Boston Chamber opens doors
Opportunity director works to advance economic inclusion
Sandra Larson | 10/4/2017, 11 a.m.
People say that Boston is resource-rich, but resource-coordination-poor. I have a skill for translating info to different audiences. And that’s a big part of my role at the Chamber, too. I don’t come from the business world — I have a master’s in education, and came to this job from DSNI — but in each case, I’ve been helping connect audiences and close opportunity gaps. So that’s a transferable skill. I used to work with trying to get parents and young people to the table in education decisions. Now I’m doing something very similar for the business community, helping them figure out how to reach this new, or, I should say, historically overlooked, audience.
Have there been any surprises in your new role?
I didn’t realize how many major businesses are in Boston. This wasn’t my world, so I didn’t know what a hub this city is for innovation and major businesses. We have international delegations coming to see how we do things. So I think getting those prominent companies to invest their time and resources back into the communities of Boston is something the Chamber can influence, particularly through its lens on racial equity.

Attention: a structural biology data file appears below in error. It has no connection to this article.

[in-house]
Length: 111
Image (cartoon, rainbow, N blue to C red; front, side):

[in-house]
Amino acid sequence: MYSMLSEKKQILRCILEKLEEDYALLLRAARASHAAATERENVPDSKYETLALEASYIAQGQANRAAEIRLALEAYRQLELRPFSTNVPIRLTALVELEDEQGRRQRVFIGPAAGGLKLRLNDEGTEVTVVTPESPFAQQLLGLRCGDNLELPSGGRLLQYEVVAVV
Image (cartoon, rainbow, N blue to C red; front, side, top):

What does the Chamber of Commerce offer to non-business owners or very small businesses?
Most events are open to non-members. One of the biggest values to anyone, business owner or not, is we have a lot of speakers that come to the Chamber that give insight on things going on in Boston that you might not hear elsewhere. We had a panel on the cannabis industry, for instance. We have Senator Warren coming for a forum in November, we have our Convention for the Next Generation on October 23. So there’s access to info that I think is valuable for everyone. Personally, I have learned a lot about policy issues from listening to speakers at our events.